All human beings need to feel a sense of belonging which will be manifested in a variety of relationships – including those in the workplace.

If these needs are not met, individuals become more at risk for depression, social awkwardness or anxiety, or loneliness. In some cases of extreme peer pressure, individuals may actually sacrifice the lower levels of needs in order to fit in.

People may fulfill this level of need through different relationships, such as:
  • Family
  • Friends
  • Intimate Relationships
  • Clubs or Social Organizations
  • Sports Teams
  • Office Culture
  • Religious Groups
  • Professional Organizations

3.5.4 Level Four – Ego-Status

The ego-status needs are related to the belonging needs, but with one major difference. Whereas belonging needs refer to being a part of a group, ego-status needs refer more to how the individual believes she is seen by those groups. We each have a self-image which is at least in part developed by how we believe we appear to others. For example, we believe we are smart, funny, kind, considerate, or any number of different attributes. We also believe that others see us that way. Our needs at this level revolve around us reinforcing our self-image and, by turn, the image others have of us. People will strive to fill this need by such means as:
  • Status and achievement at work
  • The accumulation of wealth
  • The accumulation of ‘status symbols’ (cars, homes, etc.)
  • Recognition from others
  • Taking opportunities to lead others
  • Associations with people who have the esteem of others
  • Personal achievement in areas such as education, skills, and hobbies
  • Pride in the achievements of their family members
The ego-status level of needs related to how we believe others see us and how we see ourselves.

Those with the healthiest sense of self-esteem are those whose esteem is based on their own accomplishments and internal feelings. The more self-esteem is based on external things and associations, the more fragile that esteem is.

Additionally, we perceive a certain ‘status’ that we have in our groups. This status could be conferred on us literally with a title, such as Director, Manager, Administrator, Chair, Treasurer, or Secretary. It could be an honorary status in the sense of being the person that others come to when they need help or advice. Or it could be that you simply have a certain level of popularity, success, or other achievement that gives you a strong sense of self-esteem and accomplishment. If these needs are not met, the individual may suffer from low self-esteem or an inferiority complex.

Those with the healthiest self-esteem are those whose esteem is based on their own accomplishments and internal feelings.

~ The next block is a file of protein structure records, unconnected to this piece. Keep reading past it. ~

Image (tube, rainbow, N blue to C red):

The more self-esteem is based on external things, the more fragile it is.

3.5.5 Level Five – Self-Actualization

Maslow described this level of human need as the desire to become more and more oneself, and to become more and more of what we are capable of becoming. This level of need is related to meeting one’s full potential – whatever that might be. The exact need is very individual. For example, one person might have the need to be the perfect parent. Another individual might have the need to become athletically gifted, or another to become artistically expressive.

The need for self-actualization is the need to become more and more oneself, and to become more and more of what we are capable of becoming.

It’s important to realize that this level of need is only achievable when the other four have been met. One must be physically nourished, not have to focus on safety, feel loved and a sense of belonging, and have a good level of self-esteem before he or she would seek this level of desire.

Maslow related two ways of understanding self-actualization that were taught to him by his professor, Dr. Wayne Dyer. They are:
  1. To cease caring about the good opinion of others
  2. To do things purely because you enjoy them – because they are the reason you are here on earth, not because of money, fame, or any other reason.
The more we are self-actualized, the more we will find that we are motivated by the things in life that make us happy rather than those that we do simply because it is our job or our role. Also, an increase in self-actualization naturally leads to more self-confidence because you feel more secure of yourself in general. If you no longer care about what other people think (generally) and you are doing things that you love, you are affirming your individuality and accepting yourself – faults and all.